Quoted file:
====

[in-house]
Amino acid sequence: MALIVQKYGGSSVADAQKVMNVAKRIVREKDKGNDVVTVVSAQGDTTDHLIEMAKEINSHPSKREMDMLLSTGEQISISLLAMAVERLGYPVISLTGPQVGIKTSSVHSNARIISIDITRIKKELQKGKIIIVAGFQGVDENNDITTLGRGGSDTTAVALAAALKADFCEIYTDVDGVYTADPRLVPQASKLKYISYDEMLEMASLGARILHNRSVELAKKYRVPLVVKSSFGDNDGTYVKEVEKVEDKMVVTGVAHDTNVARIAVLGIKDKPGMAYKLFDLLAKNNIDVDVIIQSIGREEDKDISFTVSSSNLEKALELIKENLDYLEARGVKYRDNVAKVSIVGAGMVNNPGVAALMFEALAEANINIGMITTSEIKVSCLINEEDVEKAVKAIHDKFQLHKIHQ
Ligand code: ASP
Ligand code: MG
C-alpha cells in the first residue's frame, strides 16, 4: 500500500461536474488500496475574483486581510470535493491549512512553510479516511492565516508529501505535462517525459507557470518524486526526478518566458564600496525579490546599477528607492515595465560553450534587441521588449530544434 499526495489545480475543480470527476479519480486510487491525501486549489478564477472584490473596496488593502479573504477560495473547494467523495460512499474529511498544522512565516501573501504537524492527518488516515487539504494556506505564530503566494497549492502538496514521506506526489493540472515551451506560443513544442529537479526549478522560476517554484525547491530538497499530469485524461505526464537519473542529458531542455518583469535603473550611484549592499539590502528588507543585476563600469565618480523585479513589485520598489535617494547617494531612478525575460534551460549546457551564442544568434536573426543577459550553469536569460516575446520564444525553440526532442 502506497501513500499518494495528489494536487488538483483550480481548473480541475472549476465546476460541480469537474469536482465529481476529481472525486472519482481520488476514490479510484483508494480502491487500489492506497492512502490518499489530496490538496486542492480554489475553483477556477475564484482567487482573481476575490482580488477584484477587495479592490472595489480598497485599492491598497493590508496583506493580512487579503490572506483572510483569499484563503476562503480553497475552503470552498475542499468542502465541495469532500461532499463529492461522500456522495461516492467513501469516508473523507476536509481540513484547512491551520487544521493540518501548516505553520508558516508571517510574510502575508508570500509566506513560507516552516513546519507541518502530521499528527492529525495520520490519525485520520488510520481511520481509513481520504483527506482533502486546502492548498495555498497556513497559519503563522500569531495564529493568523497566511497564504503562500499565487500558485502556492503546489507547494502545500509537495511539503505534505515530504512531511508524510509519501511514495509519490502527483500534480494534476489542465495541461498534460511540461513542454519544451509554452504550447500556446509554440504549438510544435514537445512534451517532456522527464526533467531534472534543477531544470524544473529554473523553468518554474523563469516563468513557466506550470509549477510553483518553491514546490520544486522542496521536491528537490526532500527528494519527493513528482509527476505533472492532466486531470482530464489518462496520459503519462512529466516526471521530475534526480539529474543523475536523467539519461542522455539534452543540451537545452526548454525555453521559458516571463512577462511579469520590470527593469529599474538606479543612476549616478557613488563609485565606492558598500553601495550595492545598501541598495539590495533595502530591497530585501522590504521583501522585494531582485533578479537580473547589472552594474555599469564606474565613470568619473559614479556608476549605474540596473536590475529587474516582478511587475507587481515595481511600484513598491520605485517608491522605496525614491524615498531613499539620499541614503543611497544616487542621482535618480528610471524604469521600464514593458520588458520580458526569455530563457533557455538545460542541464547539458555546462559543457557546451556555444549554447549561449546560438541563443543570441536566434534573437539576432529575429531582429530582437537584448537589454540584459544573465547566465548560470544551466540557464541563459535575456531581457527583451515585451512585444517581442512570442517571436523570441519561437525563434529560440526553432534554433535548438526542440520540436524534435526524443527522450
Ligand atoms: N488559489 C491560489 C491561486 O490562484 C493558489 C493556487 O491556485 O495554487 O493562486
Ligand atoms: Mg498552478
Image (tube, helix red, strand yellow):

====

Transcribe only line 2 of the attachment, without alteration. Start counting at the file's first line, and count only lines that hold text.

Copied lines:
Amino acid sequence: MALIVQKYGGSSVADAQKVMNVAKRIVREKDKGNDVVTVVSAQGDTTDHLIEMAKEINSHPSKREMDMLLSTGEQISISLLAMAVERLGYPVISLTGPQVGIKTSSVHSNARIISIDITRIKKELQKGKIIIVAGFQGVDENNDITTLGRGGSDTTAVALAAALKADFCEIYTDVDGVYTADPRLVPQASKLKYISYDEMLEMASLGARILHNRSVELAKKYRVPLVVKSSFGDNDGTYVKEVEKVEDKMVVTGVAHDTNVARIAVLGIKDKPGMAYKLFDLLAKNNIDVDVIIQSIGREEDKDISFTVSSSNLEKALELIKENLDYLEARGVKYRDNVAKVSIVGAGMVNNPGVAALMFEALAEANINIGMITTSEIKVSCLINEEDVEKAVKAIHDKFQLHKIHQ